About The Author

Katie Salidas is a USA Today bestselling author and RONE award winner known for her unique genre-blending style.

Since 2010 she's penned five bestselling book series: the Immortalis, Olde Town Pack, Little Werewolf, Chronicles of the Uprising, and the all-new Agents of A.S.S.E.T. series. As her not-so-secret alter ego, Rozlyn Sparks, she is a USA Today bestselling author of romance with a naughty side.

In her spare time Katie also produces and hosts a YouTube talk show; Spilling Ink. She also has a regular column on First Comics News where she explores writing from a nerdy perspective.

Does Your Character have a Resume?

Character Bio's are important.

Writing Tips and Tricks

You have to know your character before you can write them. If you don't you'll end up writing a flat, cookie-cutter, person.

You don't want that, do you?

Of course not!

So, how do we get to know these fictional characters we just pulled out of thin air?

We give them a life and history all their own.

The simplest way to do this is to give them a resume. Pretend they're sitting down in front of you, applying to be part of your story.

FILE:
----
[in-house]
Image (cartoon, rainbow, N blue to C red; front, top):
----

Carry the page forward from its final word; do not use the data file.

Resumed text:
Start with the basics. (beyond the image stuff, which I assume you have already come up with; hair color, eye color, skin color, height, etc...)

What is their full name?
How old are they?
Where do they live?
How long have they lived there?
Did they ever attend school? If so, where? (I write vampires, so school could mean listening to the great Socrates, discuss philosophy back in the A.D. days)
Any specialized degrees or skills?
Previous work history? (the jobs we do help to shape us as much as our education. Did your character have to work some menial job they hated? Were they some high-powered executive? For fantasy stories, rulers of Kingdoms and peasants count as well)

Now, once you have the basics out of the way. Ask your "applicant", what qualifies them to be a character in your story?

Are they applying for a main character or a secondary character position?
What special powers and/or abilities do they have?
Ask them to list one good and one bad quality about themselves.

And finally, your character needs to provide references! What kind of friends do they have? What is their family like? Do they have any enemies that they wouldn't want listed on a resume? List a few of those people in their life, both good and bad.

If you (or your character) can answer all of these questions, you will be off to a great start. The goal is to have a character that not only feels real to you, but reads as a real person to your audience.

A background and history help to create that "real" feeling that can make your character jump off the page and become someone your readers will want to follow on their journey.